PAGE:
UWS staff: Administration made cuts without following rules
Members of the University of Wisconsin-Superior faculty union say they have obtained emails from the school's administration that show established rules weren't followed when two-dozen academic programs were suspended in October.
Members of the American Federation of Teachers Local 6514 say they obtained emails through an open records request that faculty members say gives a "detailed picture of UWS administration's actions before and after the surprise suspensions of 24 programs on Oct. 31, 2017."
The union said the emails showed school administrators not only left faculty in the dark but also failed to inform the UW System administrators of the pending cuts. Union leaders stopped short, however, of taking any legal action against administrators but said they still wanted the community to know what happened.
"The chances of actually getting the decision overturned seem very small now. The UWS System is standing behind the decision of our administration,'' Deb Augsburger, UWS Local 6514 president, told the News Tribune. "But we thought it was important to get their actions out into the court of public opinion. ... I don't know where it's going to go from here, if anywhere."
Augsburger said efforts continue to push UWS administrators to work cooperatively with faculty before making big decisions, so-called shared governance.
Jordan Milan, UWS communications director, said UW-Superior administration "met its obligations in regards to making program suspension decisions and has the support of UW System and the Board of Regents. Faculty members have been involved in these discussions over the past five years."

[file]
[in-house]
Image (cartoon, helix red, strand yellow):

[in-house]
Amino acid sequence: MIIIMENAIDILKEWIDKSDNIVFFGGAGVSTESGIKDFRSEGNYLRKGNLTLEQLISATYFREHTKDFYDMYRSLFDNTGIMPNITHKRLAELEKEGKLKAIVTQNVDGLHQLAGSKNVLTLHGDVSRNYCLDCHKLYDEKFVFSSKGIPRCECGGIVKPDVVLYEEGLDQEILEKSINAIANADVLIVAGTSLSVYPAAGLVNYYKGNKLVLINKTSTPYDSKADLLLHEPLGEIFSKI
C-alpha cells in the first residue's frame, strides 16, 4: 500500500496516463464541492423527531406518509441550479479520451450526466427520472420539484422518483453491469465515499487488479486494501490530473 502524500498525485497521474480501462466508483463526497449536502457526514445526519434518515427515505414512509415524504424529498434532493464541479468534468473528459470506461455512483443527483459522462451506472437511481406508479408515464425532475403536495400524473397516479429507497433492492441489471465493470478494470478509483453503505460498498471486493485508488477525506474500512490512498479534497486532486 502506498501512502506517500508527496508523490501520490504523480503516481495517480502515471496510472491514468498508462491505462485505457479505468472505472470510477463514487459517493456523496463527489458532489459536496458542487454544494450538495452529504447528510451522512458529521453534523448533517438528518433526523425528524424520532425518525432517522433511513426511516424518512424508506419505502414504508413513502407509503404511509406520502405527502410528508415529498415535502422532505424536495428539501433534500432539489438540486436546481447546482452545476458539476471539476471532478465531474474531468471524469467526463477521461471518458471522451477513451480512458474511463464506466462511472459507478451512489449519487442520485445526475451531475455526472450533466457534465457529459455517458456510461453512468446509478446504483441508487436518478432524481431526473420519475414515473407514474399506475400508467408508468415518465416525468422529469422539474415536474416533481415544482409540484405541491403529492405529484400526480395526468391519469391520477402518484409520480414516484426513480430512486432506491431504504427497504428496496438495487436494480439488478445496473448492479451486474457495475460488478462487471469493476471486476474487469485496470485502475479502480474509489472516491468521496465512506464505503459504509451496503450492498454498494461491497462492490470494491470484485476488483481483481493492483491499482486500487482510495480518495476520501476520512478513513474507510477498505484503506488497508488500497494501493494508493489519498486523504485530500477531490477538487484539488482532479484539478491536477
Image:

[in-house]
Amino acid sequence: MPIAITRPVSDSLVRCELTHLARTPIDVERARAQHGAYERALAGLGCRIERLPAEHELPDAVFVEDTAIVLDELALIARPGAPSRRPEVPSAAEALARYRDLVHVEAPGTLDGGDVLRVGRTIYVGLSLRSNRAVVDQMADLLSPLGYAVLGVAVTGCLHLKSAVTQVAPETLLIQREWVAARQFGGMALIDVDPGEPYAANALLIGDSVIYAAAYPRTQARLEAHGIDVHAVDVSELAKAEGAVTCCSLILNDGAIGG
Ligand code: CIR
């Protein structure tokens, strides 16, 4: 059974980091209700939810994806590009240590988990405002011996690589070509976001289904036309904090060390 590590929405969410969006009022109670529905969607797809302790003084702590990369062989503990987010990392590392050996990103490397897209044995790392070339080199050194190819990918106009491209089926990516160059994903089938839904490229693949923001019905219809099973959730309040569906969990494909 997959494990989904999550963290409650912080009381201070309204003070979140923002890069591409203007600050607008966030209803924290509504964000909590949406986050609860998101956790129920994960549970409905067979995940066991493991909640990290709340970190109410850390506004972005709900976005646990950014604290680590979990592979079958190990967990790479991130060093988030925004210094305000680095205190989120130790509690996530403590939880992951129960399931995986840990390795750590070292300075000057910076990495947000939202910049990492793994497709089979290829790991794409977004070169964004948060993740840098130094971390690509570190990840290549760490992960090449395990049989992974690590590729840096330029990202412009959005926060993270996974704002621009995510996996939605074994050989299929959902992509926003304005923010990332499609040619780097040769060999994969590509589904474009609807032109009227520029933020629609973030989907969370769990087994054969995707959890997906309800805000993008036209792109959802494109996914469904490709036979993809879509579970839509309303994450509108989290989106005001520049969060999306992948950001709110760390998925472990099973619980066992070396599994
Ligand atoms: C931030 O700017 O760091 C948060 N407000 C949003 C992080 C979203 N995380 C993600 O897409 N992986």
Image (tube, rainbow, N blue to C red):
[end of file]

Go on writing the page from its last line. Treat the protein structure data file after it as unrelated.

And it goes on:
The school also released a statement.
"It was a difficult decision to suspend programs due to low enrollments and poor completion rates, and we value the input we received from faculty and staff over the past five years regarding our program array. The students currently enrolled in the suspended programs will be able to finish their degrees, and we wholeheartedly support them in that effort,'' the school's statement said. "Looking to the future, we will focus on the programs that have thriving enrollment, offer students the courses they want to take to meet the demands of our region, and serve our community."
The union says the emails, which the News Tribune also requested, show:
• The UWS administration failed to consult with faculty governance, despite the UW System legal counsel advising them that consultation was obligatory. UWS administration did not consult with faculty as required.
• The UWS administrators gave no formal notice of suspensions to the UW System in advance, though UW System policy requires a four-week notice. Formal notification of the suspensions was supplied to the UW System on Nov. 3.
• A formal document containing a detailed rationale for the suspension of each program was only produced a week after the suspensions.
"Overall, a look at the emails suggests that the sudden suspension of the programs was a surprise not only to UWS students, staff and community members, but to the UW System personnel that corresponded with them, who expressed concern about consultation with shared governance and lack of notice,'' the union claimed in a statement Tuesday.
More than two-dozen academic programs, including major programs for sociology, theater and political science — will be suspended, meaning no new students will be admitted as the remaining students finish and the programs enter a sort of limbo. The news was a surprise to employees and students, many said. No faculty will be laid off as a result of the cuts but some may be teaching different courses.
UWS officials in October said programs were targeted for suspension based on low enrollment and poor completion rates, citing the university's desire to streamline its offerings in an effort to reduce dropouts and get more students to graduate in a timely fashion.
Despite a continuing budget deficit — this year at $2.5 million — the decision wasn't made to save money, UWS officials said, but cost savings will be realized as the students remaining in those targeted programs graduate and staff are reallocated to areas with healthier enrollments.